photo lighting
the four elements of lighting in photography

Photography can be defined as the recording of light.

If you understand photo lighting you've got a jump start on being a better photographer. This applies to digital photography, film photography and video photography.

Learning photography lighting can be challenging for most people. If you take the time to learn just a few basics, it will make a world of difference to you in taking better pictures.

I am going to go over 4 elements of light. Understanding these lighting elements will help you "see" light better and make better decisions on the lighting in your photos.

  • Direction of Light
  • Intensity or Brightness
  • Quality of Light
  • Continuous or Flash

direction of light

Learning to look and see the direction of the source of light is the first step to do.  It is a very powerful exercise to pause in your busy day and just observe the lighting around you.  

The lighting scenario below is quite staged, but learning to "see the light" and how it is affecting your subject is what master photographers do all the time. 

Example of a big contrast in lighting stylesThree very different lighting effects

I placed this female mannequin head on the work bench in my office where I assemble my client's portrait packages. In the "Rembrandt" photo, the light source is a plain old 60 watt bulb screwed into a 6 inch parabolic reflector.

Named after the famous painter, Rembrandt lighting is recognized by the triangular patch of light on the model's cheek bone on the shadowed (left side) of her face. The light was held in front, up high to the right.

In the middle image, a glamorous Hollywood style lighting was used. The light was a smaller halogen, desk lamp that was held directly above and in front of the mannequin. Notice how the cheek bones look more pronounced.

The scary, ghoulish effect on the right is not an attractive way to light a human subject. the light was held in front and below the level of the table. It is even more dramatic because none of the light was hitting the back wall, so the dark background makes it very contrasty.

intensity or brightness

The amount of light will effect your camera settings more than any other of the elements of light. Intense or bright light requires the camera to have a faster shutter speed or smaller aperture to avoid overexposure.

If the light is weak or dim, you will avoid underexposure by slowing down the shutter speed or by having a bigger aperture to allow more light into the camera.  

Cameras can do this for you through auto-exposure of course, but understanding the effect of shutter speed and aperture on your final photograph is vital.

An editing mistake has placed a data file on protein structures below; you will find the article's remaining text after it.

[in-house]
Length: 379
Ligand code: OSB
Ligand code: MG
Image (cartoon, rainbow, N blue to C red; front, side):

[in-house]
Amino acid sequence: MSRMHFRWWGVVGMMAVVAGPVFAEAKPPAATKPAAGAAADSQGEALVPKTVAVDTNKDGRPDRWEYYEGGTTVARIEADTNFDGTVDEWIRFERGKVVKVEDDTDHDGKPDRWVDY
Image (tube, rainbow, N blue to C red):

quality of light

This photography definition does have to do with whether light is good or bad. The quality of light refers to the size and characteristics of the light. We think of the sun as a big source of light. Direct sunlight is actually a very small light source and creates harsh, distinct shadows.

Light reflected from a large wall is scattered and produces a completely different effect on your subject than a direct light source.

The direction of light - where it is coming from has a big effect on how your subject appears to your eyes.

The window lighting used in the first photo on the left has a soft lighting quality.

The window is to the left of my work bench and is 3 feet wide, so it is a large light source. Notice how the shadows are gradual.

In the photo on the right, I covered up my office window and used my 60 watt light bulb.

The lighting in the right photo is from a smaller source and produces sharper shadows.

The triangular patch on the mode's right cheek is small because the 6 inch bulb and reflector are far to the left.

continuous light or flash

Light that stays "on" is continuous light that we can see. We cannot "see" the flash until we take our photo. This kind of photo lighting is so very brief in time that it is very difficult to judge how it will illuminate our subject. Lighting using flash is often chosen to freeze the action if the shutter speed is not fast enough to stop motion blur.

With the "existing light", we can see how the light effects our subject in real time. In the portrait photographer's studio, both types of photo lighting are used.

The continuous lights are called modeling lights and are used to observe how the subject is lit. Then the electronic flash is used to actually photograph the subject.

Photo lighting is one of the three main components you need to know when trying to take better digital pictures. The other two components are exposure and composition. These three tips are covered briefly in this article with links to more thorough information: Take Better Digital Pictures.

resources related to photo lighting

There are many photo lighting, composition and exposure tips available on this Better Digital Photo Tips web site at your disposal. Take advantage of learning these photography techniques as well as advance tips on posing, editing, retouching and camera equipment.

Portrait Photography Tips. Portrait tips on posing the individual and links on how to photograph babies, families and other groups. Also added a section on how to improve your portrait photography by using a model to practice with.

Play with light

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